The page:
S.M. Oliva is a writer living in Charlottesville, Virginia. He edits the international legal blog Bonham’s Cases.

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Feb 122015
 

Michigan voters will head to the polls on May 5 to approve (or reject) a proposed 1% increase in the statewide sales tax. Last December, Michigan Gov. Rick Snyder and the state’s legislature agreed to the referendum as part of a package to fund transportation and educational programs. If approved, Michigan would have a statewide sales tax of 7%, which would tie it with several states for second-highest in the country.

1% Michigan sales tax hike proposed

Michigan Gov. Rick Snyder and the state’s legislature have proposed a 1% statewide sales tax increase as part of a package to fund transportation and educational programs.

The referendum is necessary because the sales tax is written into the Michigan Constitution. Voters must approve any constitutional amendments proposed by the legislature. Michigan’s 1963 Constitution originally set the sales tax at 4%. In 1994, an amendment imposed an additional 2% tax, with the proceeds directed to the state’s public schools. The Constitution also exempts prescription drugs and groceries from the sales tax. If the referendum passes, sales of gasoline and diesel fuel will also be exempt from sales tax (although other gas taxes would increase).

A report commissioned by the Michigan legislature estimated raising the sales tax from 6% to 7% will generate about $1.6 billion in additional annual revenues. Most of this new revenue will go to roads and mass transit. Michigan schools are expected to receive an additional $300 million.

Who will win the campaign?

The referendum has sparked a spirited campaign among both supporters and opponents. A group called Protect MI Taxpayers emerged last December to rally opponents under the slogan “Stop Government Pickpocketing!” Since then, at least three other opposition groups have formed, according to the Detroit News, including Citizens Against Middle Class Tax Increases, the Coalition Against Higher Taxes and Special Interest Deals, and Concerned Taxpayers of Michigan.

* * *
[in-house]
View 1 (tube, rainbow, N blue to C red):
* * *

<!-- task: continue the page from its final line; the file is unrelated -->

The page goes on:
On the flip side, a group called Safe Roads Yes is leading supporters of the referendum, officially known as Proposal 1. Established groups backing Proposal 1 include the Small Business Association of Michigan and the Michigan Infrastructure & Transportation Association, the trade association that represents the state’s road construction companies.

Political analysts estimate the total cost of the referendum campaign may exceed $15 million. EPIC-MRA, a Michigan-based polling firm, conducted a survey of 600 Michigan voters in late January on Proposal 1. In response to a question offering basic details of the sales tax increase, a slim plurality—46% to 41%—said they would vote for Proposal 1. However, when the pollsters provided more detailed information about Proposal 1, the “No” vote overtook the “Yes” side by a margin of 47% to 38%. EPIC-MRA noted its survey had a 4% margin of error. (It is unclear how much information voters will officially receive, as the Michigan Bureau of Elections has yet to approve final ballot language for Proposal 1.)

Ultimately, the success or failure of the referendum depends on who gets more of their supporters to the polls on May 5. Only 43% of Michigan voters turned out for last November’s statewide elections. And besides Proposal 1, the May 5 election only features contests for city and local offices, which are typically low-turnout affairs.

S.M. Oliva is a writer living in Charlottesville, Virginia. He edits the international legal blog Bonham’s Cases.

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Jan 302015